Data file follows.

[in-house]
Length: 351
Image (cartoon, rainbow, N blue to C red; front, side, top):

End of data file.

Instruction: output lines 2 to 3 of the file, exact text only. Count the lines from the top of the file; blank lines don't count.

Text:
Length: 351
Image (cartoon, rainbow, N blue to C red; front, side, top):